In the Middle Ages, rural industries were important, and Aberystwyth had its fair share. By 1834, local trades included 20-odd boot makers, eight bakers, two corn millers, 11 carpenters and joiners, one cooper, seven tailors, two dressmakers, two straw hat makers, two hat makers, three curriers, four saddlers, two tinsmiths, six maltsters, two skinners, four tanners, eight stonemasons, one brewer, four lime burners, three shipwrights, three wheelwrights, five cabinetmakers, one nail maker, one rope maker and one sail maker. In the Edwardian period, mineral cargoes (chiefly lead) from the Vale of Rheidol were shipped from the town by sea. This led to improvements in the rather exposed harbour. Over the years, Aberystwyth has suffered substantial damage due to many storms and its exposed position on the coast. After the arrival of the railway, Aberystwyth’s popularity as a seaside resort was quickly established, and it remains to this day. It is certainly the premier seaside location in West Wales. It is a very family-friendly place, popular with younger crew. Aberystwyth also has many Welsh cultural institutions and thus forms a bridge between North and South Wales. In the streets and in the bars and restaurants you will certainly hear the Welsh language. However, all the foreign and UK university students living in the town also bestow a real cosmopolitan flavour. In this respect, Aber enjoys the best of both worlds: a melding of Welsh and international culture. There are lots of pubs, cafes, restaurants and bars, as well as sufficient supermarkets and victualling establishments to keep the whole crew happy.
Out and about, Aber has two beaches, but the north beach is considered better and safer. Aber holds the Welsh record for the highest summer temperature of 34.6°C set during 2006. Aberystwyth railway station is also the terminus of the Vale of Rheidol Railway, a steam-operated narrow-gauge heritage railway. Constructed between 1901 and 1902, it was intended to ship mineral cargo, primarily lead, from Devil’s Bridge down to Aberystwyth for trans-shipment. By the time it was finished, lead mining was in a deep downturn, and thanks to the Aberystwyth Improvement Company, the railway came to rely largely on the tourist industry, opening for passengers in December 1902. It still remains open for the summer season, offering a journey of 12 miles – well worth a trip.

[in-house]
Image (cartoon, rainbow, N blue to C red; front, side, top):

There is also a funicular railway at Aber. This is the Rheilffordd Y Graig/Aberystwyth Cliff Railway. It runs to the top of Constitution Hill, which supplies superb views both up and down the coast. Essentially it is a rope railway and the longest electrically operated funicular in the UK. It is impressive in terms of its engineering and its siting. Carriages are hauled to the summit at a stately 4 miles per hour and are driven by a powerful motor and high-tensile steel cables, secured by a sophisticated electronic safety system. An adult return ticket currently costs £6.50, and family tickets start at £14.50. A cafe awaits you at the top. The railway is open from 10am to 5pm, seven days a week from April to October, and often later (till 6pm) during the high season. You can check availability by telephone: 01970 617642.
Also at the top of Constitution Hill is the camera obscura. Essentially this is a dark room with a large tabletop in the middle. A live image of the outside is gathered by a pinhole lens and is projected onto the table. The effect is almost eerie, but fascinating. A camera obscura provides a very special and intimate experience, and one that delighted the Victorians and everyone since. Not to be missed!
Aberystwyth is an excellent stopover, weekend landfall or summer season cruising venue. It opens up this dramatic but surprisingly little-known West Wales cruising ground. It will satisfy the keen boating couple, trailer boating fanatics or the full family crew – and the reasonable prices will make you smile.
10 Interesting facts about Aberystwyth
- Gilbert Fitz Richard built the first fortress at Aber in 1109.
- In 1649, parliamentary forces razed Aberystwyth Castle to the ground.
- The railway came to the town in 1864, fuelling a tourist boom.
- Aber means ‘mouth of the river’, and Ystwyth is the name of that river.
- In fact, only the River Rheidol passes through the town.
- The restored Vale of Rheidol Steam Railway runs from the town.
- Aber has the longest electric-powered funicular railway in the UK.
- Aber is the oldest Welsh university, founded in 1911.
- The hymn ‘Jesus, Lover of My Soul’ is set to Parry’s famous tune ‘Aberystwyth’.
- The gritty TV thriller Y Gwyll / Hinterland is set in Aber.
Aberystwyth Marina, Trefechan, Aberystwyth, Ceredigion, SY23 1AS
Tel.: 01970 611422
The official Aberystwyth harbour master’s (as distinct from the marina) office is located by the Gat inner harbour. The HM works on VHF Channel 14, with initial contact on Channel 16. The HM may be telephoned on 01970 611433.